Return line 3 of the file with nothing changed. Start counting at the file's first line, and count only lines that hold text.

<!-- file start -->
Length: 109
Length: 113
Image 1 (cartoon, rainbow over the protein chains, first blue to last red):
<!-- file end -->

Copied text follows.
Image 1 (cartoon, rainbow over the protein chains, first blue to last red):